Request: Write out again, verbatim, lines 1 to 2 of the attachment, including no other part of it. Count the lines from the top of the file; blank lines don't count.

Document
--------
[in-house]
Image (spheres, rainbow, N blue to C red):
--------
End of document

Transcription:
[in-house]
Image (spheres, rainbow, N blue to C red):